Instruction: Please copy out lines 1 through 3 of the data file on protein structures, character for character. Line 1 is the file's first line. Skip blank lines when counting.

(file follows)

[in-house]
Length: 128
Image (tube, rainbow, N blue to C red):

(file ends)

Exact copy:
[in-house]
Length: 128
Image (tube, rainbow, N blue to C red):